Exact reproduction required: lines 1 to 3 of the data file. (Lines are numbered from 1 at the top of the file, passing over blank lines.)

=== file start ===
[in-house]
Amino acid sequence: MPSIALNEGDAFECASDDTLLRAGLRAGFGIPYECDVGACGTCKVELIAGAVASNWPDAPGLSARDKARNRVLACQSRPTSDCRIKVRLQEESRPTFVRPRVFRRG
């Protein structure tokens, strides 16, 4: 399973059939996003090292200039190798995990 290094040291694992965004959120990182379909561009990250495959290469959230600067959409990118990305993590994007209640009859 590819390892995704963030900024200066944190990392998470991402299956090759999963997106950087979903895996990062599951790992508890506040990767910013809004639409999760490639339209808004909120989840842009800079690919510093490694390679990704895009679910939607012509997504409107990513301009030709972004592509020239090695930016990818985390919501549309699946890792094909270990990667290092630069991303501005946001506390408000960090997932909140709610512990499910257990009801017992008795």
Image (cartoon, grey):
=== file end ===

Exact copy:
[in-house]
Amino acid sequence: MPSIALNEGDAFECASDDTLLRAGLRAGFGIPYECDVGACGTCKVELIAGAVASNWPDAPGLSARDKARNRVLACQSRPTSDCRIKVRLQEESRPTFVRPRVFRRG
């Protein structure tokens, strides 16, 4: 399973059939996003090292200039190798995990 290094040291694992965004959120990182379909561009990250495959290469959230600067959409990118990305993590994007209640009859 590819390892995704963030900024200066944190990392998470991402299956090759999963997106950087979903895996990062599951790992508890506040990767910013809004639409999760490639339209808004909120989840842009800079690919510093490694390679990704895009679910939607012509997504409107990513301009030709972004592509020239090695930016990818985390919501549309699946890792094909270990990667290092630069991303501005946001506390408000960090997932909140709610512990499910257990009801017992008795």